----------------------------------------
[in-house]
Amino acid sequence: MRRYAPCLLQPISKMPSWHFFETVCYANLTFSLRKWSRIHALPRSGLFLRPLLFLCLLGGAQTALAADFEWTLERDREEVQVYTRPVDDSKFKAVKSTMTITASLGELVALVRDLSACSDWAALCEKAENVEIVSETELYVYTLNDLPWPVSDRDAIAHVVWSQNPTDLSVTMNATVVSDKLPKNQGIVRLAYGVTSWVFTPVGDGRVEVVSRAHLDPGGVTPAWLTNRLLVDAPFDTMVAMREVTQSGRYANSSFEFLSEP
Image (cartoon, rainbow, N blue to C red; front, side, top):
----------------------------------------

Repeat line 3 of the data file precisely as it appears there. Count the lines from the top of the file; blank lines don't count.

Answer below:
Image (cartoon, rainbow, N blue to C red; front, side, top):